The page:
Once Aryan Skynet Goes Live It Doesn't Matter Who Pulled The Switch
President-elect Donald Trump has made no secret of his desire either to renegotiate or “terminate” the North American Free Trade Agreement, which he has singled out as the “worst trade deal in history”. The result of lobbying by Israeli asset Rahm Emanuel during the Clinton years, NAFTA, which accounts for an estimated one million lost U.S. jobs, had its precedent in a less well-known but no less insidious trade agreement involving America’s “greatest ally”. The United States-Israel Free Trade Agreement, as the Jewish Virtual Library’s scribe praises its putative benefits,
eliminated all duties and virtually all other restrictions on trade in goods between the two countries. The FTA was signed April 22, 1985, by the United States Trade Representative (USTR) and the Israeli Minister of Industry and Trade and was officially entered into force in September of that year after it was approved by the U.S. House of Representaives [sic] in a 422-0 vote and a voice vote in the U.S. Senate. The final phase of the agreement was fully implemented on January 1, 1995 when the two countries completely eliminated all duties and tariffs on manufacted [sic] goods.
The FTA also includes a Declaration on Trade in Services, a non-binding statement of intent to eliminate barriers to trade in services such as tourism, communications, banking, insurance, management consulting, accounting, law, computer services, and advertising. The U.S. and Israel also signed an Agricultural Agreement, to reduce trade barriers on agricultural products and boost agricultural trade between the two countries. Finally, the FTA includes provisions to protect American industry. For example, certain non-tariff import restrictions on agricultural products are allowed.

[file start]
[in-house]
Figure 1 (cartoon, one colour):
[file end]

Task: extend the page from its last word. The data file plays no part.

Both the United States and Israel have benefitted immensely from the FTA as can be evidenced in the exponential growth of their bilateral trade over the past 25 years. Between 1986 and 1996, the first decade of the FTA’s implementation, bilateral trade in goods more than tripled, from $3.9 billion to $12.4 billion, with U.S. exports to Israel totaling $6 billion. In the following fourteen years, from 1996 to 2010, the bilateral trade nearly tripled again, rising to an estimated total of $32 billion. Over this time, U.S. imports from Israel have jumped from less than $2.2 billion in 1984 to more than $22 billion in 2010, an increase of 954 percent. Meanwhile, Israeli imports from the U.S. have risen from around $1.8 billion to more than $13 billion.
Due to the success of the FTA, Israel is now among America’s 12 largest export markets per capita. Despite having a population under 8 million, ranking just 96th highest in the world, Israel is still among the U.S.’s 25 largest export markets by value, ahead of much largers [sic] countries such as Russia, Spain and Argentina.
Not a single vote cast against it in the U.S. House of Representatives! Must have been because USIFTA was such a nifty idea, right?